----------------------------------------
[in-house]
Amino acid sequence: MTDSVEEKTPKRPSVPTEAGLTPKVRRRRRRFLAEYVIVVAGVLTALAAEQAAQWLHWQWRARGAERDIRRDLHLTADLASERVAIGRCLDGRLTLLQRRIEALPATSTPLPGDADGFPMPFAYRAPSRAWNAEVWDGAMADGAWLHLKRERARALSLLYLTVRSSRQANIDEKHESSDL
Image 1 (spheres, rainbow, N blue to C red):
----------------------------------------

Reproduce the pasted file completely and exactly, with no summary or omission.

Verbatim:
[in-house]
Amino acid sequence: MTDSVEEKTPKRPSVPTEAGLTPKVRRRRRRFLAEYVIVVAGVLTALAAEQAAQWLHWQWRARGAERDIRRDLHLTADLASERVAIGRCLDGRLTLLQRRIEALPATSTPLPGDADGFPMPFAYRAPSRAWNAEVWDGAMADGAWLHLKRERARALSLLYLTVRSSRQANIDEKHESSDL
Image 1 (spheres, rainbow, N blue to C red):